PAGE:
Windows 7 64 bit printers - emulate 32 bit drivers?

willp2 used Ask the Experts™
We have a bunch of Windows 7 64 bit Pro PC's and need to run an older application on them that is choking on the printer drivers. The app works fine if we switch to something like the built in XPS Document printer.

Anyone know a way to make the printer look like a 32 bit driver to the application?

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Please explain little further...


Sorry that this wasn't clear. The PC's are running Windows 7 Pro - 64bit. The application is a small vertical app for real estate management. When we try to run the app, it gives an error about the printer and crashes. Its a very generic error. When I switch the Windows default printer to the XPS Document Writer, the program opens OK.

We've tried different printers but all do the same thing. Support is nonexistent on the application, but from what I have heard, success with 64 bit OS’s is hit or miss because of the printer issues.

So what I am hoping to do is make the printer appear to the application like it is a standard 32 printer driver.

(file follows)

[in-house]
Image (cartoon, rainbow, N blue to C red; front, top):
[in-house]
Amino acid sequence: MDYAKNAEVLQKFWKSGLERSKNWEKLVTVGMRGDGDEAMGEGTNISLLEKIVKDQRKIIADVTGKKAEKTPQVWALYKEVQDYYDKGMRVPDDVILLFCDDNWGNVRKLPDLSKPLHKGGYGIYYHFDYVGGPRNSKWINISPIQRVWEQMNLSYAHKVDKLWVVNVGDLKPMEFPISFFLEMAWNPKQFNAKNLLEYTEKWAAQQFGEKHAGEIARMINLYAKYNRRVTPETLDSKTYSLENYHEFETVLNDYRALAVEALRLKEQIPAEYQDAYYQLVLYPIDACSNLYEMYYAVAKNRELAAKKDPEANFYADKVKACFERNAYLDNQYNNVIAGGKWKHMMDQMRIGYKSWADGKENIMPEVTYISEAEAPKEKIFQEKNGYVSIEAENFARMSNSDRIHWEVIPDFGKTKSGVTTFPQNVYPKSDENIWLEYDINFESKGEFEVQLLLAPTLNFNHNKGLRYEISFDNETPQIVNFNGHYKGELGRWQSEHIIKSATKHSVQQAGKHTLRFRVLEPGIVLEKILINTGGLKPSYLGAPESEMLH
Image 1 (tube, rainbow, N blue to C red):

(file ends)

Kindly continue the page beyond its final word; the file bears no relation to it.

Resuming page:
Does that make sense?
Rob HutchinsonTech Lead, Desktop Support

can you load the 32bit version of the printer driver and use that?
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I was under the impression that I couldn't do that with a 64bit OS? Is wouldn't take the driver that the server tried to share to it for instance.
Map that printer as a Local printer on one of your windows 7 machine, when it asks for driver, give the 32 Bit driver, if it installs you should be good to go ;
the following solution is basically a step by step to map the network printer as a local printer on windows 7 so you can try the followin and feed the 32bit drivers when it asks, if it accepts the drivers then it will be ok.
The solution to link is as follows:

("Stand alone" Network printers can be done slightly similarly BTW).

assume the computers are call XPMACHINE and W7MACHINE.

1) Ensure Printer on XP machine is shared - assume it's called SHAREDPRINTER.

2) On the Network Browsing on your Windows 7 machine ensure you can "See" the Printer share.

Now on the Windows 7 machine do the following (doesn't matter if it's X-86 or x-64).

3) Control Panel==> add LOCAL (Yes LOCAL) printer. I know it's on a Network but hold your horses -- what we are actually doing is "Poodlefaking" the Windows 7 machine into thinking it's running the printer.

4) Create NEW port==>Local port


6) Now Windows 7 will load a driver and you'll be able to print on the XP machine.


(For a "Network stand alone printer") at 4) chose TCPIP port
and at 5) enter the IP address.

If the printer is on the Windows 7 machine and you want to print on the XP machine then do the same instructions on the XP machine --
port name in this case will be \\W7MACHINE\SHAREDPRINTER


Worked perfectly. Thanks!

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